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Fall 2009

Trinity Reporter Fall 2009
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To date, nearly every academic department at Trinity has been represented at one of the center’s events, and the feedback from faculty has been positive.

“I’m always interested in new approaches that work better,” says Kathy Archer, associate professor of biology. “I’ve really enjoyed going to the center’s workshops and programs, and Dina and Gary have done a fabulous job of inviting people from a wide variety of disciplines to talk about different techniques and approaches.”

Similarly, Assistant Professor of Psychology Laura Holt, who is beginning her second year at Trinity, applauds the center for challenging her to reflect on her teaching and learn from her colleagues. “It was both validating and exciting to learn that my colleagues in other disciplines were implementing similar teaching strategies and techniques,” says Holt. She also found the new-faculty seminar on balancing teaching, research, and service invaluable in helping guide her through her first year and assisting her in planning for the future.

Located in its new home in the Smith House, the center will include a library with materials related to pedagogy. The hope is that faculty members will see the center’s physical space as a comfortable environment where they can gather for informal conversations.

A top priority: mentoring junior faculty members

One of the top priorities for the coming year is to formalize a process for mentoring junior faculty members. The center has created a template mentoring plan that departments can adapt to guide new tenure-track faculty members through their first six years at Trinity. “The plan is based on conversations between the mentee and mentor,” explains Anselmi. “And by mentor, I mean the entire department. Everyone in the department contributes to a faculty member’s evaluation, so everyone should be part of the conversation.”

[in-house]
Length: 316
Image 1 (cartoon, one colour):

But she is careful to underscore that the center is not an enforcer of the plan, or even the evaluator; rather, it’s the resource from which departments can draw knowledge to create robust mentoring plans for their faculty. “We want to make sure people know to ask for help, and we want to empower them to ask for it.”

Additionally, the center will feature year-long themed programming—this year it’s “arguments and evidence across the disciplines.” The center will also host regular brown-bag sessions led by faculty members.

Reger and Anselmi feel strongly that the center’s role is not to tell people how to be good teachers, but rather to be a conduit and a catalyst for discussions about teaching. They see the center as working to make the teaching process more visible. “We can sit down as faculty members and talk about one of the most fundamental parts of our jobs,” says Reger. “People are happy to talk about problems they have had; there’s a lot of openness in conversation, and people are comfortable.”

Trinity receives grant to support assessment of student learning outcomes

In May 2009, the Teagle Foundation, a national foundation focused on strengthening liberal arts education, awarded Trinity College a three-year, $72,000 grant to develop, implement, and institutionalize a faculty-driven learning assessment program for general education and for each academic major.

Trinity’s Center for Teaching and Learning will play an integral, evolving role in the College’s assessment project—working with the dean of faculty and other academic departments—and has already engaged faculty members in several relevant activities, including:

  • New-faculty seminars, which have included discussion on questions of student learning and assessment.
  • Round tables for faculty at large that focus on assigning and evaluating writing across the disciplines.
  • An assessment reading group that brought together faculty members from across the College to read research literature on assessment and discuss the applicability of the research to the College’s assessment project.
  • A forum on assessment in which two departments presented their approaches and the advantages and disadvantages they have encountered.

This grant follows on the heels of a $25,000 planning grant, also from the Teagle Foundation, that helped the College determine the structure by which it would implement its faculty-driven learning assessment project.

To date, the faculty has already identified, and adopted, learning goals for general education, and Trinity has begun an extensive assessment of writing in the First-Year Program that will extend through each of the majors and programs.

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